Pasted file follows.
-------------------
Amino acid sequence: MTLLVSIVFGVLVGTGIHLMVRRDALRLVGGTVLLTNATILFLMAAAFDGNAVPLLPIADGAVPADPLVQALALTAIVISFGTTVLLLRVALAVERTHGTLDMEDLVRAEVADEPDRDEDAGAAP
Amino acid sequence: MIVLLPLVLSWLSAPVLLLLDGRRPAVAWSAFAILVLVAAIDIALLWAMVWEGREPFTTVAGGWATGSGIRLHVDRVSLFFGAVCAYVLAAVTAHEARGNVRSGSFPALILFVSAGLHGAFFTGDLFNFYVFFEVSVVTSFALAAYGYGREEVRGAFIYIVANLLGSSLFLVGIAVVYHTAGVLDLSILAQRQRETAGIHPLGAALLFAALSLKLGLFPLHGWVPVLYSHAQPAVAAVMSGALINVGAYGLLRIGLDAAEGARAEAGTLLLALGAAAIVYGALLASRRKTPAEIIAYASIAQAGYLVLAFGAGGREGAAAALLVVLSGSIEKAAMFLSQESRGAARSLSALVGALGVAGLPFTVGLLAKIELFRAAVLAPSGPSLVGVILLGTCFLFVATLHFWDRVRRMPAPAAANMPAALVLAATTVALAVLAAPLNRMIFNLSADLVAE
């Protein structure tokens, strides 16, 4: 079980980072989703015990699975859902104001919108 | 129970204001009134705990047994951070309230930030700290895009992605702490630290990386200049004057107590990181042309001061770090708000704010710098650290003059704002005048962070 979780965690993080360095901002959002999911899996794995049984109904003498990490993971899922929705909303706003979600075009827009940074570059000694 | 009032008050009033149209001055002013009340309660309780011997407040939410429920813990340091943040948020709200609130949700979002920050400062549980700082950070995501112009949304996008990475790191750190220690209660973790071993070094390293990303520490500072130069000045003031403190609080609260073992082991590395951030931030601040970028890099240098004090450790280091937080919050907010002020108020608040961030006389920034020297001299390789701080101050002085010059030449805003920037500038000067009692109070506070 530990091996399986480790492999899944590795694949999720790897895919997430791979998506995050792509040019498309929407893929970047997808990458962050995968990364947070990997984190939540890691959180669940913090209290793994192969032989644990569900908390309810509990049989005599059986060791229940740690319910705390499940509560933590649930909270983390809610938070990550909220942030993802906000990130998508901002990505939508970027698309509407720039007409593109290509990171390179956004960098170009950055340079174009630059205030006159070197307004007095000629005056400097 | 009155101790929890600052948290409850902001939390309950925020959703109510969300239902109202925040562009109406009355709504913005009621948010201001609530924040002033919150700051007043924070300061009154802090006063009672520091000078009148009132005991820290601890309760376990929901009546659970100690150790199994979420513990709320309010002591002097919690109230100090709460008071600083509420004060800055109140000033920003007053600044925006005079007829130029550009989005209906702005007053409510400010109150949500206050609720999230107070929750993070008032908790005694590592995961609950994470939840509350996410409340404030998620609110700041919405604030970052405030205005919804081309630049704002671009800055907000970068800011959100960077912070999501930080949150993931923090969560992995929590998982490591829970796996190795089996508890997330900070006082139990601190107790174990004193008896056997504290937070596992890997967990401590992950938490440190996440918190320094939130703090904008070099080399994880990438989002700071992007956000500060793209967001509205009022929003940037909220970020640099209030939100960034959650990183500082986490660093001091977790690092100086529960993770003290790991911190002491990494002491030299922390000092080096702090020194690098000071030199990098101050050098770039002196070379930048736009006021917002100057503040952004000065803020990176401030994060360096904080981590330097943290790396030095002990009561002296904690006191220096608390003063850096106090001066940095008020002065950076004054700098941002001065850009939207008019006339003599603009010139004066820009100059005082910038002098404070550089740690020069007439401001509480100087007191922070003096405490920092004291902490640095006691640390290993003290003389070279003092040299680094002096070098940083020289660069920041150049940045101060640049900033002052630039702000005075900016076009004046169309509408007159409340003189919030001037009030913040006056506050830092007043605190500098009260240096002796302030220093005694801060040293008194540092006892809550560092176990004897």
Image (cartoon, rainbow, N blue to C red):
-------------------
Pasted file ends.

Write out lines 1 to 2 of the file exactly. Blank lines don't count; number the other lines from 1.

Amino acid sequence: MTLLVSIVFGVLVGTGIHLMVRRDALRLVGGTVLLTNATILFLMAAAFDGNAVPLLPIADGAVPADPLVQALALTAIVISFGTTVLLLRVALAVERTHGTLDMEDLVRAEVADEPDRDEDAGAAP
Amino acid sequence: MIVLLPLVLSWLSAPVLLLLDGRRPAVAWSAFAILVLVAAIDIALLWAMVWEGREPFTTVAGGWATGSGIRLHVDRVSLFFGAVCAYVLAAVTAHEARGNVRSGSFPALILFVSAGLHGAFFTGDLFNFYVFFEVSVVTSFALAAYGYGREEVRGAFIYIVANLLGSSLFLVGIAVVYHTAGVLDLSILAQRQRETAGIHPLGAALLFAALSLKLGLFPLHGWVPVLYSHAQPAVAAVMSGALINVGAYGLLRIGLDAAEGARAEAGTLLLALGAAAIVYGALLASRRKTPAEIIAYASIAQAGYLVLAFGAGGREGAAAALLVVLSGSIEKAAMFLSQESRGAARSLSALVGALGVAGLPFTVGLLAKIELFRAAVLAPSGPSLVGVILLGTCFLFVATLHFWDRVRRMPAPAAANMPAALVLAATTVALAVLAAPLNRMIFNLSADLVAE